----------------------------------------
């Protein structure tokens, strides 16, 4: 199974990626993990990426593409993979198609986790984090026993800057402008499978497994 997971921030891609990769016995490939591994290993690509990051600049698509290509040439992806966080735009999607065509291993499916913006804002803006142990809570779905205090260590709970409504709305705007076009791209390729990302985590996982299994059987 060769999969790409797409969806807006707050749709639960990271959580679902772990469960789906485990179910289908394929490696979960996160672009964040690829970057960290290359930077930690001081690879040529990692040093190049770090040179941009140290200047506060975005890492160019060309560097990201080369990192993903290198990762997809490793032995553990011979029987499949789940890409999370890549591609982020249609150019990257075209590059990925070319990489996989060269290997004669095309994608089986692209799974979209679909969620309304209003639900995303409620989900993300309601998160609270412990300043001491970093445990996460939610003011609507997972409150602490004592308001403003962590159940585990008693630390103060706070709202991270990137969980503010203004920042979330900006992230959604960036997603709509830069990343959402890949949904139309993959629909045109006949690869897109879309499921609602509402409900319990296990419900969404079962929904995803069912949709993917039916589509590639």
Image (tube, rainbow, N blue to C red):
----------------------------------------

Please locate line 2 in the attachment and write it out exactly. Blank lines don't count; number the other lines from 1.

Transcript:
Image (tube, rainbow, N blue to C red):